Factual disputes "are genuine only if the evidence is such that a reasonable jury could return a verdict for the non-movant." CAE, Inc. v. Clean Air Engineering, Inc., 267 F.3d 660, 676 (7th Cir. 2001) (quoting Anderson, 477 U.S. at 248) (citations omitted). The existence of a materially disputed issue of fact will be sufficient to avoid summary judgment only if the disputed fact is determinative of the outcome under the applicable law. See Montgomery v. American Airlines, Inc., 626 F.3d 382, 389 (7th Cir. 2010). Contractual disputes are well suited to resolution by way of summary judgment because such disputes essentially involve only contract interpretation and thus liability often presents solely legal questions. See Zemco Mfg., Inc. v. Navistar Intern. Transp. Corp., 270 F.3d 1117, 1123 (7th Cir. 2001); Hickey v. A.E. Staley Mfg., 995 F.2d 1385, 1388 (7th Cir. 1993). The Court may resolve a dispute on summary judgment where the parties do not dispute the facts that actually occurred, but merely dispute the legal significance of those facts. That the parties differ on the legal ramifications to be drawn from the undisputed facts in the record is not a bar to summary judgment.
The Defendants do not dispute that they were required to make monthly payments under the contractual terms of the Note, that they have failed to make any payments since July 2010, and that there remains an outstanding balance on their loan that continues to accrue interest. Nor do they dispute that the Bank of NY has possession of the Note or that the Note is authentic. The Defendants only argue that a genuine issue of material fact exists as to whether the Bank of NY is in fact the lender or the holder or has capacity to foreclose the Mortgage. To support their argument, the Defendants point to the Mortgage and Note naming Equifirst as the lender and Note holder and naming MERS as the mortgagee--and not naming the Bank of NY. The Defendants also argue that the Bank of NY failed to file with its Complaint either a supporting affidavit or deposition testimony to establish that the Bank of NY owns the Note. This is a factual issue, they argue, that indicates the Bank of NY's lack of standing to bring the foreclosure action, which would preclude summary judgment.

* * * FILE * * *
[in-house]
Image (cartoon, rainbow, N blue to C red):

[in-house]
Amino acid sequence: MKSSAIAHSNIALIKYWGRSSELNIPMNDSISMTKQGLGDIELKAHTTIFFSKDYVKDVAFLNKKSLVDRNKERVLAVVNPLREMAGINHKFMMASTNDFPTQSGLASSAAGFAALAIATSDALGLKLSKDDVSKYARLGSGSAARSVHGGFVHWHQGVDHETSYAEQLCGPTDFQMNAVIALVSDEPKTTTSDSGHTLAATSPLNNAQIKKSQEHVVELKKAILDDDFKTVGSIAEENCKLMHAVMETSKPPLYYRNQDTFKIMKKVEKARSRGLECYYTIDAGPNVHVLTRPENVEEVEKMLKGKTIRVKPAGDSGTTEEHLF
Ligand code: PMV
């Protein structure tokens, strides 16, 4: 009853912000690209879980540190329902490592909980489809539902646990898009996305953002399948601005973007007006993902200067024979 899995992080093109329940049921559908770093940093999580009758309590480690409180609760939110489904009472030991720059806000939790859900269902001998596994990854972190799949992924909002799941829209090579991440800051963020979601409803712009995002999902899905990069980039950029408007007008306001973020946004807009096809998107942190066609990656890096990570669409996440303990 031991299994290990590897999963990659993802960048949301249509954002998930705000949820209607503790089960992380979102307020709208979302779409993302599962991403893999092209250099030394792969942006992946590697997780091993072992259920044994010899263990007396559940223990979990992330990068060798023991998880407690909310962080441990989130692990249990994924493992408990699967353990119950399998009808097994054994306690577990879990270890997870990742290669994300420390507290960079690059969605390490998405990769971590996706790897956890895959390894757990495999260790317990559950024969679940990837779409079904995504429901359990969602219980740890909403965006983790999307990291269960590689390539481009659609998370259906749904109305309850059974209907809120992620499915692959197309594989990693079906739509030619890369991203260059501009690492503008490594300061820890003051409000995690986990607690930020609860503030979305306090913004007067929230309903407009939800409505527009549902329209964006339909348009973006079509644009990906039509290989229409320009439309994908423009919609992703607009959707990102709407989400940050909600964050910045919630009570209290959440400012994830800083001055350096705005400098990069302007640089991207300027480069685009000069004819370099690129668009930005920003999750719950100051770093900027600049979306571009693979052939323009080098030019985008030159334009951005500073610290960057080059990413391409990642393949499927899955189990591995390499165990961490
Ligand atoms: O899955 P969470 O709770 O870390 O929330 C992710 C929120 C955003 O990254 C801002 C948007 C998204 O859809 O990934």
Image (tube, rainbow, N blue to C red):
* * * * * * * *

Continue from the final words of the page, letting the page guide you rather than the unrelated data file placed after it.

The Bank of NY argues that its possession of the Note, albeit unendorsed, is sufficient to confer standing to foreclose on the Note, citing century-old Illinois law. See Martin v. Martin, 174 Ill. 371, 374 (1898) ("The right to the possession and full beneficial interest in an unendorsed negotiable paper may pass by manual delivery of the paper, and in the absence of testimony tending to disprove that the notes were delivered the presumption will obtain that one in the possession of such paper came rightfully into possession.").